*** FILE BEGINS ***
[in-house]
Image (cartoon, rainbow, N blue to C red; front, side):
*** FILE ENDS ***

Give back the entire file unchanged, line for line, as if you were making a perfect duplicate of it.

[in-house]
Image (cartoon, rainbow, N blue to C red; front, side):